9. Avoid Trouble. When you’re on a road trip, you need to be street wise. Don’t be a target for crime by leaving your valuables on the seat in your car (DVD players, Game Boys, etc.) and don’t advertise you’re on a road trip with pillows and blankets every where. When you park your car, hide your valuables and road trip creature comforts. If you are proactive at keeping your “I’m on a road trip clues” clearly hidden, any thief or troublemaker should just walk right by your car. Other street wise considerations is to always park where there is good light and foot traffic and make sure your windows are rolled up and the doors are locked whenever you leave your car. You may also want to purchase items like “the Club” if you like that extra insurance for safety. Finally, when you’re driving, watch your speed. Speeding gives you the chance to get a ticket and more importantly, it decreases your time to react if the need should arise. If you are the driver, you are responsible for your passengers. When you see signs that say, “Speed limits are photo enforced,” believe them. Other good driving tips include avoiding rush hour, especially in bigger cities, and whenever possible take turns driving with other people in the car. You’ll also want to avoid driving at night if you are not familiar with your surroundings.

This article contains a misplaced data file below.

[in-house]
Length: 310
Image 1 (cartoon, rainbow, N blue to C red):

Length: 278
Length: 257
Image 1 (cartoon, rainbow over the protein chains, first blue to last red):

10. Get a Go City Card and save up to 55% on attractions and theme parks at your vacation destination. Last year, I flew my 8-year-old niece, Alexis, and 10-year-old nephew, Tyler, out to Los Angeles for their spring break (using Southwest Airlines Reward Miles, of course) and we took a road trip down to San Diego. That’s when I discovered the money saving Go City Card for San Diego. With this card, I saved hundreds of dollars in admissions to Legoland, the Wild Animal Park, the San Diego Zoo and other attractions including a Whale Watch on the Pacific Ocean just by purchasing a Go San Diego Card.